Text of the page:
Small modular nuclear reactor project needed for abundant, carbon-free energy

                   Ted Olson


Small modular nuclear reactor project

needed for abundant, carbon-free energy



We appreciate the Sanpete Messenger recently publishing an article about the Carbon Free Power Project (CFPP) being planned by the Utah Associated Municipal Power Systems (UAMPS).

As members of UAMPS, and as local public power officials in Mt. Pleasant, Spring City, Fairview and Ephraim, we think it is very important for Sanpete County citizens to hear directly from us why we believe this project is important to ensure stable, affordable electricity for our customers in future years.

We recognize that this project has generated opposition from anti-nuclear activists. But the critics aren’t the ones who have a sacred obligation to supply electricity to homes, businesses and industries in our valley. Electricity is vital to almost everything we do in modern society. Our economy would quickly collapse without affordable, steady power.

We feel that obligation deeply to keep the lights on in Sanpete Valley homes, and we also feel an obligation to ensure that our future energy resources are clean and carbon free. We will aggressively pursue new renewable resources, but we must also have a backup supply of stable “dispatchable” electricity—available all day and night, 365 days a year, whether or not the sun is shining or the wind is blowing.

That’s why we are planning to develop the Carbon Free Power Project, which will be the first small modular nuclear reactor (SMR) project in the United States. The new technology inventor is Dr. Jose Reyes of Oregon State University. Dr. Reyes spoke at Snow College four years ago, and generated considerable enthusiasm among the engineering faculty and students.

The SMR features seven levels of safety with the ability to shut itself down with no human intervention, pumps or AC/DC power. This carbon-free electricity will be clean and carbon-free, and will back up our current and future renewable energy resources. It will make up a portion of our energy portfolios, and it will be a critical resource.

Over the next 10 years, we must replace our coal generation resources. Our coal plants have served us well, but they are nearing the end of their life cycles and they must be replaced with carbon-free energy. After years of study and impartial investigation, conducted with some of the top energy experts in the world, we feel strongly that the CFPP is the best option to complement renewable resources to ensure long-term, affordable, carbon-free energy for our customers.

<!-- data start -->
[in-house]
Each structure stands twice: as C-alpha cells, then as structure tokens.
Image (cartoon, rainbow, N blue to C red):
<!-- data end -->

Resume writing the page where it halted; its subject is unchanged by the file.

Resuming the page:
And we are confident, despite what the anti-nuclear critics might say, that this energy will be very affordable. The claim made by critics that electricity is available for 40 percent less hides the fact that these resources would only be available for about 40 percent of the day. As municipal power agencies, we are proud of our long history of providing stable electricity to homes and businesses at excellent rates. We expect that this project will ensure those low rates long into the future.

Affordable nuclear power, blended with low-priced renewable resources, provides the ultimate assurance that rates will continue to be low and abundant electricity will be available as our communities grow and as many industries, including the transportation industry, are electrified.

We have established benchmarks for the cost of electricity from this project. If our economic competitiveness tests ever show the price of power exceeding our benchmarks, then the project simply will not be built.

We project the price of power from this project will come in at or below $55 per megawatt hour, which makes it very competitive with any other form of dispatchable energy, including combined-cycle natural gas plants. We hope that sufficient subscription will develop in the near future.

One reason we are confident that rates will remain competitive is that we have strong partners in this project that are offsetting the risk of building first-of-a-kind generation. The U.S. Department of Energy has supported this project for many years, and we are finalizing a multi-year cost-share award with DOE amounting to $1.4 billion. That award will help ensure that we meet our price target of $55 MWh.

The DOE is supporting this project because it seeks to advance a new generation of small nuclear reactors to reduce carbon emissions, fight climate change and continue U.S. leadership in nuclear innovation and development.

There will always be critics of innovation and progress. We believe that with our years of study and preparation, strong national partnerships, and highly disciplined financial management, this project will provide clean, safe, affordable, carbon-free energy for decades into the future.